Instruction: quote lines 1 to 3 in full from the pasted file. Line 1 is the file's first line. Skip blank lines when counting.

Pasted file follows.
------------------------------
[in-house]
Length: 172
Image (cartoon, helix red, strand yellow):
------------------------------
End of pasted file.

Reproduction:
[in-house]
Length: 172
Image (cartoon, helix red, strand yellow):